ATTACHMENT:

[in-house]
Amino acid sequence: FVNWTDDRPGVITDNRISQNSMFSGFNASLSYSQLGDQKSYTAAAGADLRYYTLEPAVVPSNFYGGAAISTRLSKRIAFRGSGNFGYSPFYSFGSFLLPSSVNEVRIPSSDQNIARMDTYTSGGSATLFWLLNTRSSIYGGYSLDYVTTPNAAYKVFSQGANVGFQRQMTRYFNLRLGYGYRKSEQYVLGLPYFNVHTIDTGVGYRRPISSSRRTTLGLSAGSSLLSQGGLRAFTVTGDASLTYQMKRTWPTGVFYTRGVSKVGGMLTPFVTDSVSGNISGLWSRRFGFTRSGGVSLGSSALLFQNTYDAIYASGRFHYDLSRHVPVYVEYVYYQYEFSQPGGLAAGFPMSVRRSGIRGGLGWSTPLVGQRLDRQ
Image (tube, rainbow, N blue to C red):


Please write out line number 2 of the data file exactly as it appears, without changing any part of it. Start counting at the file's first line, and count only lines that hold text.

Amino acid sequence: FVNWTDDRPGVITDNRISQNSMFSGFNASLSYSQLGDQKSYTAAAGADLRYYTLEPAVVPSNFYGGAAISTRLSKRIAFRGSGNFGYSPFYSFGSFLLPSSVNEVRIPSSDQNIARMDTYTSGGSATLFWLLNTRSSIYGGYSLDYVTTPNAAYKVFSQGANVGFQRQMTRYFNLRLGYGYRKSEQYVLGLPYFNVHTIDTGVGYRRPISSSRRTTLGLSAGSSLLSQGGLRAFTVTGDASLTYQMKRTWPTGVFYTRGVSKVGGMLTPFVTDSVSGNISGLWSRRFGFTRSGGVSLGSSALLFQNTYDAIYASGRFHYDLSRHVPVYVEYVYYQYEFSQPGGLAAGFPMSVRRSGIRGGLGWSTPLVGQRLDRQ